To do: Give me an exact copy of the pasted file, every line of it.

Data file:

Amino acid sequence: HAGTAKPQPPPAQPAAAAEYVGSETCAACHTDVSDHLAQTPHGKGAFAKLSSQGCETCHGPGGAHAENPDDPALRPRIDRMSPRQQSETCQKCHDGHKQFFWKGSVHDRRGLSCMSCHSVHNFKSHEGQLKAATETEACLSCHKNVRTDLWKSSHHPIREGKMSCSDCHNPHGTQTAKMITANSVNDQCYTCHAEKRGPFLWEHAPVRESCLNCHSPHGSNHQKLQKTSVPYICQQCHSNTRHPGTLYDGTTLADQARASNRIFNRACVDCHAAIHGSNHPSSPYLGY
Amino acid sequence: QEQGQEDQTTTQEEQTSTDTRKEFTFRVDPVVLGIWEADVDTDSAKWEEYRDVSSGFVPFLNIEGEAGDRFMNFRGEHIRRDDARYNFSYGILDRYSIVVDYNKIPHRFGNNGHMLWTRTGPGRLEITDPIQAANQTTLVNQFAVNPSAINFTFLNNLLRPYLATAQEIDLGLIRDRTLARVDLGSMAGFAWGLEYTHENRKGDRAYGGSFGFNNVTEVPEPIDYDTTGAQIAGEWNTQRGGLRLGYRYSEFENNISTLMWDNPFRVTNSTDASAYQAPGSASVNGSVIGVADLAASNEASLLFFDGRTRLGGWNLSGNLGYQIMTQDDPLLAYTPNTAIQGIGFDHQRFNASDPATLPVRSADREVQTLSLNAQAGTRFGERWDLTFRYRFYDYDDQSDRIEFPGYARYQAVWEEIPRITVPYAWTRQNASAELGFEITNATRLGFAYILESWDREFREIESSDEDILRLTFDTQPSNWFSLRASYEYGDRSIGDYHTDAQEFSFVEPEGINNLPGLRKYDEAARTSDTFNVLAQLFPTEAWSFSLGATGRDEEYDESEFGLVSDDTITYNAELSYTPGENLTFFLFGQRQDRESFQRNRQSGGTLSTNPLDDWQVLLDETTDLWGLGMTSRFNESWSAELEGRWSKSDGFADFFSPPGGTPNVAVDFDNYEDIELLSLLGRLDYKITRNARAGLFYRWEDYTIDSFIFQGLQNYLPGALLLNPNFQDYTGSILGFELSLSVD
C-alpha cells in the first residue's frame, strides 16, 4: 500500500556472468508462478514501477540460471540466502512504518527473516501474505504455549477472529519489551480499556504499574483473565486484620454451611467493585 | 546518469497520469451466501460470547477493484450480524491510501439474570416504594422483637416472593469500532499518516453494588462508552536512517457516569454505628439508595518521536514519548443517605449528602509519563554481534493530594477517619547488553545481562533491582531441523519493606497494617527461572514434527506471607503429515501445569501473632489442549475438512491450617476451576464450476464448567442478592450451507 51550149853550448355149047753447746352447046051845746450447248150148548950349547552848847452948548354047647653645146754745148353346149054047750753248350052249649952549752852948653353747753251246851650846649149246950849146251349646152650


Amino acid sequence: HAGTAKPQPPPAQPAAAAEYVGSETCAACHTDVSDHLAQTPHGKGAFAKLSSQGCETCHGPGGAHAENPDDPALRPRIDRMSPRQQSETCQKCHDGHKQFFWKGSVHDRRGLSCMSCHSVHNFKSHEGQLKAATETEACLSCHKNVRTDLWKSSHHPIREGKMSCSDCHNPHGTQTAKMITANSVNDQCYTCHAEKRGPFLWEHAPVRESCLNCHSPHGSNHQKLQKTSVPYICQQCHSNTRHPGTLYDGTTLADQARASNRIFNRACVDCHAAIHGSNHPSSPYLGY
Amino acid sequence: QEQGQEDQTTTQEEQTSTDTRKEFTFRVDPVVLGIWEADVDTDSAKWEEYRDVSSGFVPFLNIEGEAGDRFMNFRGEHIRRDDARYNFSYGILDRYSIVVDYNKIPHRFGNNGHMLWTRTGPGRLEITDPIQAANQTTLVNQFAVNPSAINFTFLNNLLRPYLATAQEIDLGLIRDRTLARVDLGSMAGFAWGLEYTHENRKGDRAYGGSFGFNNVTEVPEPIDYDTTGAQIAGEWNTQRGGLRLGYRYSEFENNISTLMWDNPFRVTNSTDASAYQAPGSASVNGSVIGVADLAASNEASLLFFDGRTRLGGWNLSGNLGYQIMTQDDPLLAYTPNTAIQGIGFDHQRFNASDPATLPVRSADREVQTLSLNAQAGTRFGERWDLTFRYRFYDYDDQSDRIEFPGYARYQAVWEEIPRITVPYAWTRQNASAELGFEITNATRLGFAYILESWDREFREIESSDEDILRLTFDTQPSNWFSLRASYEYGDRSIGDYHTDAQEFSFVEPEGINNLPGLRKYDEAARTSDTFNVLAQLFPTEAWSFSLGATGRDEEYDESEFGLVSDDTITYNAELSYTPGENLTFFLFGQRQDRESFQRNRQSGGTLSTNPLDDWQVLLDETTDLWGLGMTSRFNESWSAELEGRWSKSDGFADFFSPPGGTPNVAVDFDNYEDIELLSLLGRLDYKITRNARAGLFYRWEDYTIDSFIFQGLQNYLPGALLLNPNFQDYTGSILGFELSLSVD
C-alpha cells in the first residue's frame, strides 16, 4: 500500500556472468508462478514501477540460471540466502512504518527473516501474505504455549477472529519489551480499556504499574483473565486484620454451611467493585 | 546518469497520469451466501460470547477493484450480524491510501439474570416504594422483637416472593469500532499518516453494588462508552536512517457516569454505628439508595518521536514519548443517605449528602509519563554481534493530594477517619547488553545481562533491582531441523519493606497494617527461572514434527506471607503429515501445569501473632489442549475438512491450617476451576464450476464448567442478592450451507 51550149853550448355149047753447746352447046051845746450447248150148548950349547552848847452948548354047647653645146754745148353346149054047750753248350052249649952549752852948653353747753251246851650846649149246950849146251349646152650